Chemical transport model simulations

The three haze episodes in December 2016 were selected for further detailed analysis. The observed daily mean SO42− concentration was 31 ± 17 μg/m3. The Weather Research and Forecasting model coupled with Chemistry (WRF-Chem) was used to investigate the sulfate formation mechanism (“Methods” section). Similar to the results of previous studies5,7, the traditional pathways (gas phase and in-cloud oxidation) only explained 10% of the sulfate in the regional model (Experiment I) (Fig. 6a, d). We discovered that the Mn-catalytic reaction on aerosol surfaces (Experiment II) significantly improved sulfate simulation on the regional scale (Fig. 6b). The gap of SO42− values between Experiment I and observations was reduce considerably in Experiment II (NMB = −2.8%) (Fig. 6d). Similar results were also found for the three haze episodes in January 2015 (Supplementary Fig. 15). The simulated concentrations of other inorganic constituents in PM2.5 (NO3, NH4+, Fe, and Mn; Supplementary Figs. 16 and 17) and gaseous species (SO2, O3, and NO2; Supplementary Fig. 18) were also comparable with observations (“Methods” section).

Fig. 6: Observed and WRF-Chem simulated sulfate concentrations and contributions of different sulfate formation pathways.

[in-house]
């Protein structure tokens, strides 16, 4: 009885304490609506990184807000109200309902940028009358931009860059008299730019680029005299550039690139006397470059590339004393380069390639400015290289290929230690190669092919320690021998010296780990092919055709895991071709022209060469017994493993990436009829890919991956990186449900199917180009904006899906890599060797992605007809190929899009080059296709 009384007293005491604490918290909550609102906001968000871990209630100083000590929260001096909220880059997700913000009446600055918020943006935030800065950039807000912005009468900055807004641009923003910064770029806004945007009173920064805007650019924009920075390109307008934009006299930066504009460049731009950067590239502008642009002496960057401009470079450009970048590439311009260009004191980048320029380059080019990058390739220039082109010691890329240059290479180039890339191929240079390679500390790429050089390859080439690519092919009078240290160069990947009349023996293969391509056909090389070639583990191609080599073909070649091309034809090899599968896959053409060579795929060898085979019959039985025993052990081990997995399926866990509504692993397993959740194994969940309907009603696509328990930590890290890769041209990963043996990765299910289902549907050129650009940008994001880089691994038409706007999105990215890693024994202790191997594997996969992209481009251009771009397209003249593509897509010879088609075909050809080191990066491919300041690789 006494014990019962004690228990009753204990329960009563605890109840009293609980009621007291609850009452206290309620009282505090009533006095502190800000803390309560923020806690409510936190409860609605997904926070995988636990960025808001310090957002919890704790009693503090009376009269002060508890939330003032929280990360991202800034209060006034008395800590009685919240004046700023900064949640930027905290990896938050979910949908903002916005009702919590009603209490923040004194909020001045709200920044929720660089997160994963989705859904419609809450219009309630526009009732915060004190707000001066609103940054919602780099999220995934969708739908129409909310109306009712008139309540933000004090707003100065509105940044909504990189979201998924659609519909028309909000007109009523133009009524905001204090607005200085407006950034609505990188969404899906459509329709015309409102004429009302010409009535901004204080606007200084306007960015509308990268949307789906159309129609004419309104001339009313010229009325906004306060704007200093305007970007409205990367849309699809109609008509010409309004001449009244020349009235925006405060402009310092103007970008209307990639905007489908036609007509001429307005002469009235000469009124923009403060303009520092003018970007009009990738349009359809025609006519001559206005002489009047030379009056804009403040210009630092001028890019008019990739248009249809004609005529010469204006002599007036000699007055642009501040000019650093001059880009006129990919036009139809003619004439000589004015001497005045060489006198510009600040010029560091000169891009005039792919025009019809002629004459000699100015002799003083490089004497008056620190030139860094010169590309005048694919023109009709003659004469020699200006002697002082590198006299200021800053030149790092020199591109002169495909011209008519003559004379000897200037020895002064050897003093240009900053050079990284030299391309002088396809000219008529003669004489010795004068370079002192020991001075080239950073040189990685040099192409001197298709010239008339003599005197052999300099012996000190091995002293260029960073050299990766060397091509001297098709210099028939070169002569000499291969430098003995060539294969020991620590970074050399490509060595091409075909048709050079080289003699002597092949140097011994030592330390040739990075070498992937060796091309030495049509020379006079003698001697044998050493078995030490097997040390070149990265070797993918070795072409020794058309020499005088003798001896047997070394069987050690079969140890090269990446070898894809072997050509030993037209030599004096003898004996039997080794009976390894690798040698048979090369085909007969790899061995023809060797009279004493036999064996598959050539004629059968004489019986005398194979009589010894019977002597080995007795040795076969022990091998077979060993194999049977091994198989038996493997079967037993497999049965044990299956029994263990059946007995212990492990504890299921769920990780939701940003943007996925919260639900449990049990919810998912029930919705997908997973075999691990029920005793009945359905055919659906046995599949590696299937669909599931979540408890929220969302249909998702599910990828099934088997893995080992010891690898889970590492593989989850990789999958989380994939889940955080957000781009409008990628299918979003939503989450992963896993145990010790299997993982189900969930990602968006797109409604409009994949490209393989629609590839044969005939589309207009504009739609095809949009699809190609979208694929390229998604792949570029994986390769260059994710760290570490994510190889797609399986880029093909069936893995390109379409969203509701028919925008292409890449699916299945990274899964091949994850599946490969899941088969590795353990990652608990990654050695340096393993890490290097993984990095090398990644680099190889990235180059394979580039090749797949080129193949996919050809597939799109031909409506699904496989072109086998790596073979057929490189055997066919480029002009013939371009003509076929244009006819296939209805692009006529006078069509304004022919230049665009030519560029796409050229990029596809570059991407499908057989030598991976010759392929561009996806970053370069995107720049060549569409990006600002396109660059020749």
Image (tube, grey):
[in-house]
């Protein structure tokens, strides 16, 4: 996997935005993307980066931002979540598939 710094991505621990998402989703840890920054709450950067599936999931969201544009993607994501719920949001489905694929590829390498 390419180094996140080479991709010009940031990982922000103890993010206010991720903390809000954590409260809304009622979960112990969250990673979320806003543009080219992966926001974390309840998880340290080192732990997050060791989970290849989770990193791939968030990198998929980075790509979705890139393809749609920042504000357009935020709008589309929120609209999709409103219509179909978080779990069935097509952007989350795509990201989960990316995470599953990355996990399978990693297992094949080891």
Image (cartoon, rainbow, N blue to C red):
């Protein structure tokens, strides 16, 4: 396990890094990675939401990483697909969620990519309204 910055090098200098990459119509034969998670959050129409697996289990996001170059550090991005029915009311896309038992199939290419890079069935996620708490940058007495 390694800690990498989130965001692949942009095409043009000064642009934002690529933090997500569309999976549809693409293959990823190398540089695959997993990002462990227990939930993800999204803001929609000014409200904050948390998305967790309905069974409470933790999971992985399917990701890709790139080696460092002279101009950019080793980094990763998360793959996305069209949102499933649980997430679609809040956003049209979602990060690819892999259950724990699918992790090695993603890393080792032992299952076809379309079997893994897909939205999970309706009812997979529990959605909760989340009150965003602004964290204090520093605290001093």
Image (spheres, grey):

figure 6

a Spatial distributions of WRF-Chem simulated sulfate concentrations in Experiment I during the three haze episodes in December 2016. b Same as a but for Experiment II. c Same as a but for Experiment III. d Comparison of the observed and WRF-Chem simulated sulfate concentrations during the three haze episodes in December 2016 at six sites, the locations of which are indicated by black dots in a. Error bars represent standard deviation. e Composition of particulate sulfur and contributions of different sulfate formation pathways to sulfate production during the six haze episodes in January 2015 and December 2016, including Mn-catalyzed oxidation of SO2 on aerosol surfaces (Mn_AS), reaction of S(IV) with H2O2 in aerosol water(H2O2_AW), gas phase oxidation (Gas phase), and other sulfate formation pathways (Others, including in-cloud oxidation and reactions of S(IV) with O3, NO2, and O2 catalyzed by TMIs in aerosol water). The contributions of each sulfate formation route were spatially averaged over the region with sulfate concentration >20 μg/m3. Maps were created by the authors using NCAR Command Language software Version 6.6.271.

The Mn-catalytic reaction was supported by the high concentrations of SO2, Mn, and aerosol surface area. The modeled aerosol surface area concentration was >10 cm2 m−3 over the NCP, providing ample spaces for the surface reaction (Supplementary Fig. 19a). In addition, the high concentrations of SO2 (81 ± 61 μg/m3) and Mn (90 ± 49 ng/m3) provided abundant reactants and catalysts for the reaction. It should be noted that only the dissolved Mn(II) in the liquid phase of deliquesced aerosols played a catalytic role. The high RH during the haze episodes was beneficial to the deliquescence of aerosols, and the mean AWC reached as much as 50 μg/m3 over the NCP (Supplementary Fig. 19b). Moreover, the aerosol pH over the NCP ranged from 4.0 to 4.6 (Supplementary Fig. 19c), which was comparable with the values found in previous studies11,12,13. The acidic deliquesced aerosols solubilized the Mn so it could then act as a catalyst45,46.